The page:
Wife A and Wife B were lawfully married six years ago. At that time, Wife A worked as a clerk in a local grocery store, earning $20,000 per year. Wife B worked as a receptionist in a hair salon and earned $15,000 annually. The two could make ends meet, although barely, and saving money was impossible. The two combined their income into a joint checking account, from which they paid their usual expenses.
Two years ago, Wife B started spending money more liberally than in times past, charging many purchases to a credit card. Namely, she bought a few kitchen appliances, most notably a microwave and blender, which she and Wife A had never before owned together. Wife A was aware of these purchases. However, Wife B made a few other purchases unbeknownst to Wife A, including a $1,000 gold necklace. Wife B hid this purchase from Wife A, because Wife B had begun a romantic affair with a coworker, to whom she gave the necklace as a gift.
As the credit card bills piled up, Wife B realized that she could not pay them. Now desperate for money, she began shoplifting clothes from the local mall and then selling those purloined goods on eBay. She did this on weekends, when she was off from work.
On one weekend about six weeks later, Wife B went to the mall and noticed that the mall had taken more robust measures than before to guard against shoplifting. These included deploying more security guards to patrol the stores. Unnerved, Wife B returned home without stealing any clothing.
When Wife B arrived home, Wife A confronted her with a letter from Wife A’s cousin. The cousin was the executor of the estate of Wife A’s aunt. The letter informed Wife A that the aunt had left Wife A $15,000 in her will.
This windfall so excited Wife A that she went online to Wife B’s credit card account, to which she had the password. She meant to surprise Wife B by paying off the credit-card debt for the kitchen appliances. But Wife A stopped cold when she saw the charge for the gold necklace and correctly guessed that Wife B bought the necklace for a girlfriend.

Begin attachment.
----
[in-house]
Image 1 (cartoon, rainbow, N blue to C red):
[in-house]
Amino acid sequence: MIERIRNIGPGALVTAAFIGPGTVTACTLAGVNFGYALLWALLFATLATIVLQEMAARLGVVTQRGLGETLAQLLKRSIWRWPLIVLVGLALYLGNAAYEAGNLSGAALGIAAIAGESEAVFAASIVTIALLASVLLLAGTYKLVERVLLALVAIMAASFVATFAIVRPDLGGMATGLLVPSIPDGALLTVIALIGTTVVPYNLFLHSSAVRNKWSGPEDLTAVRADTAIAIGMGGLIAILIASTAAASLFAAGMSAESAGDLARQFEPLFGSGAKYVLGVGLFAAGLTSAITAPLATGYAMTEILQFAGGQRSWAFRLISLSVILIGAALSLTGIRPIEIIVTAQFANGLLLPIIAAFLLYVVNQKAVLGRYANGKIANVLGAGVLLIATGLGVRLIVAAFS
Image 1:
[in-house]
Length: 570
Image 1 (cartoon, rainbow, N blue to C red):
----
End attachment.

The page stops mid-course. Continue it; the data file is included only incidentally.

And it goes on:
Wife B insisted that she had broken things off with the girlfriend, apologizing profusely. She also admitted her desperate financial situation and confessed that she had begun paying off the credit card bill by shoplifting clothing from the mall. She had managed to gain about $500 by shoplifting.
Furious, Wife A demanded that Wife B move out of their shared apartment while she decided what to do. Wife B moved in with friends. She and Wife A have been separated for about two months, but neither wife has yet sought a divorce. In that time, the credit card company sold Wife B’s account to a collections agency, which has sent a notice to Wife A stating that she is liable for Wife B’s past-due account. Additionally, local police came to the shared apartment. The police told Wife A that they would arrest Wife B for the shoplifting, and that Wife A would be called to testify against Wife B.
- Will the law require Wife A to pay for any of Wife B’s credit-card purchases, and if so, from which sources of funds may the credit card company seek payment? Explain.
- If Wife B is charged with theft, will Wife A have to testify regarding Wife B’s confession to shoplifting? Explain.